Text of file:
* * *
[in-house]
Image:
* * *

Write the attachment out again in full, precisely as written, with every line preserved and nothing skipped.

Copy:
[in-house]
Image: